This report discusses a meta-analysis that analyzed evidence-based practices for truancy reduction and dropout prevention among middle and high school students.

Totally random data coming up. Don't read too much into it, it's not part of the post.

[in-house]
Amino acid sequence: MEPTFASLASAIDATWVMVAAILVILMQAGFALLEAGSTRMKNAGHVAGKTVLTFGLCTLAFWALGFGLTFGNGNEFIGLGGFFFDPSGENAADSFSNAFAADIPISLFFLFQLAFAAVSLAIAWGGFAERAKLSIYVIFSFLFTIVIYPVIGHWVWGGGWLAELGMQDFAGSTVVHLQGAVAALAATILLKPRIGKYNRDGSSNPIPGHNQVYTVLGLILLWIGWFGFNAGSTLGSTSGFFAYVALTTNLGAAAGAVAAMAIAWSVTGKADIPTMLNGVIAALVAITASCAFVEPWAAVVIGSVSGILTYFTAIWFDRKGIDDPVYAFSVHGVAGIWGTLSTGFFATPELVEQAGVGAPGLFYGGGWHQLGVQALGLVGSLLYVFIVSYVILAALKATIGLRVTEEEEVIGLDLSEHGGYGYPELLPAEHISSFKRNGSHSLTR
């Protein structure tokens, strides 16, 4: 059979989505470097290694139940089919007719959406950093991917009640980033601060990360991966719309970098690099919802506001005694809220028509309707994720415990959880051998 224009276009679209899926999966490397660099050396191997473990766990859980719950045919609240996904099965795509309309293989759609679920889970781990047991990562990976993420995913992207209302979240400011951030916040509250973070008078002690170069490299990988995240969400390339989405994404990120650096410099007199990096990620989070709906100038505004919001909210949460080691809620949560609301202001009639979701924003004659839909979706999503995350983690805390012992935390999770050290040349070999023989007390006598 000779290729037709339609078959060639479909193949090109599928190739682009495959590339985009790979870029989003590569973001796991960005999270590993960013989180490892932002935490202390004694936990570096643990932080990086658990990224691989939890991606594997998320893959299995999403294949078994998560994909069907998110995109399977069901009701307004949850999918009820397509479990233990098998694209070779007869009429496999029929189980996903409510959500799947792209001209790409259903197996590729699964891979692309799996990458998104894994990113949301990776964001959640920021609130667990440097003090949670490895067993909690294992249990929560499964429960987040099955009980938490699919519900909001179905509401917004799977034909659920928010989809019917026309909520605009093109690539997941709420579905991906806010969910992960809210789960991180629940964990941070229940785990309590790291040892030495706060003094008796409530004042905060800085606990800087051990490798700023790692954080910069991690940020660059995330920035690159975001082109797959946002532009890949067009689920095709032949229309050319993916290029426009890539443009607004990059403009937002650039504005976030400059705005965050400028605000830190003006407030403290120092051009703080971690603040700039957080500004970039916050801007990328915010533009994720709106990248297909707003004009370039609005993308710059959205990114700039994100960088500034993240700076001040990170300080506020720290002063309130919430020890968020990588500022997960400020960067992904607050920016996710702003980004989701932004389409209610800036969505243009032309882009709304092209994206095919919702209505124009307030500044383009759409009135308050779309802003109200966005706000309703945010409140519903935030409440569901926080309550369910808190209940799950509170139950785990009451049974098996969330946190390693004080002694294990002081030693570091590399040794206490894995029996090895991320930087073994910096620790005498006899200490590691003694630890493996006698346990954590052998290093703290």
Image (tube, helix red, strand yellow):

This document presents a review of research findings regarding programs implemented by schools, courts, and law enforcement agencies, on efforts to reduce truancy and dropout rates among middle and high school students. The research studies that were reviewed for this report had to meet three broad criteria: program focus and setting to include school-based interventions, alternative education programs for at-risk students, and court and police programs for truant youth; evaluation design and methodology requirements were that evaluations must have compared outcomes for students who participated in a program with those of an equivalent group that did not participate in the program; and outcomes measured had to include either school attendance, high school graduation, or dropout status, and where available, enrollment status was also recorded and combined with attendance into a single variable reflecting students’ presence at school. Overall, the authors reviewed 877 programs through websites, databases, and more than 460 individual publications; only 22 studies ultimately met the authors’ criteria for research methodology and relevant outcomes, and those 22 studies form the basis for the analysis presented in this report. The authors conclude that the targeted programs had small positive effects on dropping out, presence at school, and student achievement; the evidence suggested that programs with the most promise for at-risk populations included alternative programs, mentoring approaches, and behavioral interventions.